Just about anyone who has flair for music production or is simply enthusiastic about music has heard the term DAW. It is an acronym for Digital Audio Workstation and is essential software designed for the purpose of recording, editing, and mixing digital audio.
There are primarily two types of digital audio workstations:
- Standalone DAW
- Software DAW
Standalone systems are designed to look like a sound mixing desk that is equipped with an LCD screen. While the standalone DAW is great and has its uses and indeed strengths, this article will be focusing just on software DAWs.
As with every other software program, DAW programs are launched via personal computers such as AppleMacs, Linux, and Windows. Some of the software’s main brand names include the likes of:
- Avid Pro Tools
- Steinberg Cubase
- Apple Logic Pro
- Cakewalk Sonar
- Adobe Audition
- MOTU Digital Performer
- Ableton Live and more
While there are tons of these players available in the music production market, every music producer and artist wants to use the best software to produce their songs and this is where the idea of listing these products and prioritizing them stirs up a debate of which one is the best option for music production. It is important to note that each software and player alike has its strengths and perhaps depending on the user (artist, musician or producer) and circumstance it is being used for.
For the purpose of this article, however, we should be as impartial as we possibly can as we highlight the attributes of these programs.
The evolution of DAW software
Initially, there were 4 different types of music creating software program that existed as their own standalone programs. However, following the evolution of music production, these four erstwhile individual program functions have all become fused into what we now know to be standard software DAWs.
- The digital audio processor is essentially a program designed for recording, editing, and mixing digital audio information.
- The MIDI sequencer is designed to record, edit and mix MIDI information.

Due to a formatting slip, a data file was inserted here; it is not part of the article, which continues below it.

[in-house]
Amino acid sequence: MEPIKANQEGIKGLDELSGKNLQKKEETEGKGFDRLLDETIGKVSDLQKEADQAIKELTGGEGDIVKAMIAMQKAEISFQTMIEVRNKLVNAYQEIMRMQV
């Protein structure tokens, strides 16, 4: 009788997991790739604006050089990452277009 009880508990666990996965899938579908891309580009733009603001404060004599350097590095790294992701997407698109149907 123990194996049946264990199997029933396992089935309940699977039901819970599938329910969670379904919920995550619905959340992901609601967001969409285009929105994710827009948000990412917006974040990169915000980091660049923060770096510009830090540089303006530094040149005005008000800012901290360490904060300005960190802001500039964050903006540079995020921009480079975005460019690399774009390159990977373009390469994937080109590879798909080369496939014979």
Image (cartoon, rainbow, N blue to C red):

- A virtual instrument a plug-in that accepts MIDI information then assigns it to various pre-recorded sampled sounds.
- A music notation editor enables users to create music by inputting notes straight on to a virtual stave. Essentially digital sheet music.
How does a DAW program work
Depending on the power of your PC (Personal Computer), a DAW is able to record, edit and mix. There are 3 primary components that are necessary for a system like this to function well.
- Personal Computer: This serves as not only the core power provider but also the information processor and in most cases, disk storage place for audio and music data.
- DAW Software: This provides the visual timeline of the music with features necessary to record, edit and mix music.
- Sound Card: Also known as the audio interface. The sound card enables conversion of audio from analogue information to digital information such that the new sound information can be recorded to and played back from the 2 components above.
Some DAW’s can work on any system you use to operate however check before purchasing the music production software to ensure that your OS and your DAW are compatible.
Which is the best DAW?
We cannot possibly end this article without answering the first question that aspiring music producers ask:
“What DAW is the most popular? / Which DAW program is the best?”
Most people consider Pro Tools, Logic or Cubase to be the most popular but we believe that the “best” is very dependent on individual perspective and music production preferences.
While we have promised not to be biased in our judgment of each DAW, based on experience and functionality we say Pro Tools is perhaps the preferred DAW program in the music production business, closely followed by the trio of Logic, Ableton Live, and Cubase.
Your choice of digital audio workstation depends on what music you want to create and your preference of how to create it. Its all about what works best for you!